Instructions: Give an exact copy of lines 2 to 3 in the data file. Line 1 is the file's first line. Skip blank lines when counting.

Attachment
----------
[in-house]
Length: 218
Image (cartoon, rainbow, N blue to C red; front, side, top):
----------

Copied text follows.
Length: 218
Image (cartoon, rainbow, N blue to C red; front, side, top):